Clay Shirkey, Personal Motivation Meets Collaborative Production

“This is revolution 2.0. No one was a hero. No one one was a hero. Because everyone was a hero. Everyone has done something. We all use Wikipedia. If you think of the concept of Wikipedia where everyone is collaborating on content. And at the end of the day you’ve built the largest encyclopedia in the world. From just an idea that sounded crazy you have the largest encyclopedia in the world. And in the Egyptian revolution, the revolution 2.0, everyone has contributed something–small or big, they contributed something–to bring us one of the most inspiring stories in the history of mankind when it comes to revolutions.”
Wael Ghonim in his March 6th TED Address


4 comments on “Writing to the Moment

  1. Richard, you bring up an interesting point about how important blogs and wikis were in the revolution in Egypt. I take it that you are arguing that blog use in the U.S. will lead to social change as well. Should we, as compositionists, aim for that when we set up blog assignments for our students? How do we even do this? Does the nature of blog use determine whether it has social value? If a student blogs about airbrushing in beauty magazines, does that negate the value of blogs? These are all interesting questions. For me, blog use in of itself has value in it no matter the subject matter. It allows for a way of thinking of the world that is needed in today’s globalized society.

    • Good questions. To clarify, my focus here is on Tryon’s idea of “Writing to the Moment” and how one purpose of education is to teach about democracy and citizenship. This entails, by extension, aspects of critical thinking, reading, and writing that are, at least to some degree, embodied in the teaching of English Composition. Following the IRW model–integrating reading as a crucial part of the writing process–I see the revolutionary movements in North Africa and the Middle East as being of great interest as topics for reading and writing. America’s founding principles–and one could say revolutionary spirit–are still relevant to our culture and to many people throughout the world. What better way to reflect, analyze, compare, and contrast fundamental principles like freedom, democracy, citizenship, critical thinking, and freedom of expression than to use this “teachable moment” of revolution that is sweeping many countries, especially as it also resonates with other large topics which have dominated our lives for many years: Islam, war, tolerance, peaceful coexistence, multi-culturalism, globalism, and Internet communication.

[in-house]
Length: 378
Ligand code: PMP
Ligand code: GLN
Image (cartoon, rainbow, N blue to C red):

2. I am quite certain that blog use has led to , and will continue leading to social change in the U.S., but I am not sure what kind of change that has been, or will be. The U.S. is not Egypt, which is not to say that we are not oppressed by our ruling class, as Egyptians are. Our government is just a lot smarter about the way in which it oppresses us, and the means by which it oppresses us, that is, by giving us the right to vote, yet making sure that we are fed all the right media so that we will make fear-based choices at the voting booth that do not serve our own best interests, but rather, prevent any type of “other” from gaining any sort of advantage that they do not “deserve”, or have not “earned”. I am not sure how or if blogs can liberate us in the same way that they liberated Egypt, or if the Egyptians really are going to be “liberated” in the end. I guess what I’m saying is that the oppression over here is a lot murkier, since we do it to ourselves, or at least a good measure of it. Also, we are pretty comfy, relatively speaking. We have luxury problems, for the most part. That is, we can;t afford enough of it…I’m not sure we can compare ourselves to Egypt in any way that is directly useful…as you nodded to in your discussion of airbrushed advertisements.

    • …But that word luxury is fraught, I know. I mean, is education a luxury? Is healthcare a luzury? I think they used to be, but they are slowly becoming the standard. The question of what is standard and what is luxury is ont that any society must negotiate.